John Grant, one of the UK’s leading black music DJs of the late-‘70s / early-’80s died last month – he was 71. Apart from his family and close friends, his passing went largely unnoticed – his legacy somewhat forgotten. This is because he retired from DJing in 1981, right at what was seemingly the peak of his powers, completely disappearing from sight as he moved to the South coast, as the legend at the time was told, to become a lighthouse keeper, or, in another version, a harbour master (the truth seems to be that he moved to Peacehaven to work for a Hovercraft company).
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In the summer of 1978, when I was 18, I went out to Denmark and then onto Norway, plying my trade as an ‘International DJ’, having secured bookings via I.D.E.A. a Copenhagen-based agency specialising in bringing British DJs out to Europe on monthly contracts – of which there were many, Norway seemingly invaded in the process, the English language deemed authentic with the microphone still a DJ essential. Having stopped off in Denmark (via Holland and West Germany) I’d taken the car ferry across to Norway. I wasn’t supposed to head to Skien, the small Norwegian city I ended up in, but after arriving there the police had searched my car on the docks, undoing bits from under the bonnet but not putting them back, which caused problems for someone of my limited ability when it came to the workings of an engine. As a consequence, 50 miles on my car broke down on route to the North of the country, resulting in my agency hastily re-arranged things so I could play somewhere closer to hand while my car was repaired. So, by fate or accident, Skien by default became my destination, initially playing a few times at a venue called Galaxi, whilst I waited to start a one-month residency at a club called Lines (pronounced Lena’s).Continue Reading →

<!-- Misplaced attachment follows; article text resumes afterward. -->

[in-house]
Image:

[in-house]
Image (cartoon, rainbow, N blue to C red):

It’s a special night tonight, when we look back to one of Manchester’s great clubs, Legend, which was my Wednesday night home circa 1981-84. I’ve previously written about my much-treasured time there in a blog piece called ‘Legend – Manchester’s Other Club’:
Been meaning to get this amended article onto the blog. It’s something I originally wrote back in 2003 for Grandslam magazine as a feature revolving around the release of 2 No Wave compilations at the time, one on the re-activated ZE label, the other on Soul Jazz. The piece was originally published under the title ‘When Punk Met Funk’.
You don’t know how happy I am to be able to tell you that, after months and months of chipping away, the new redesigned revitalized Electrofunkroots website is now live and kicking, having undergone a complete overhaul, with loads of new content added. Full menu here:
For my 100th blog post thought I’d flag up another personal anniversary this month.